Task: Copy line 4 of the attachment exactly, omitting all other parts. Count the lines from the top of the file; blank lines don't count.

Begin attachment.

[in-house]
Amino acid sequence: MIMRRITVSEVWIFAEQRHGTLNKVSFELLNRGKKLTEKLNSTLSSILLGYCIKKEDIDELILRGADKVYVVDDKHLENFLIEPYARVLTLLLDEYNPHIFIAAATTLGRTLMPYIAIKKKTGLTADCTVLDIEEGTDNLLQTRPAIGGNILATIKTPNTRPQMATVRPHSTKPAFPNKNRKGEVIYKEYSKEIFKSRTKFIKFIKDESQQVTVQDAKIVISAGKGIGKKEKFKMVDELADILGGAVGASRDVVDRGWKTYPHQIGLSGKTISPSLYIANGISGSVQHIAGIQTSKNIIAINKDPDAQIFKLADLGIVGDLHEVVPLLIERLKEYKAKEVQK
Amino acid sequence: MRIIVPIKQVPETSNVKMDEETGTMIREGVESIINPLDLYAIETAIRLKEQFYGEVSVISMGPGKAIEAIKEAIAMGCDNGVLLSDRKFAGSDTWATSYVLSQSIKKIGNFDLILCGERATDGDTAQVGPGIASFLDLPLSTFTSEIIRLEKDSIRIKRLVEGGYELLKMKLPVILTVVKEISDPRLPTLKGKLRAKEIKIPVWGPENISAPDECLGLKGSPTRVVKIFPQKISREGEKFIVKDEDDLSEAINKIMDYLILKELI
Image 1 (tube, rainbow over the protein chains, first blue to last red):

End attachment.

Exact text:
Image 1 (tube, rainbow over the protein chains, first blue to last red):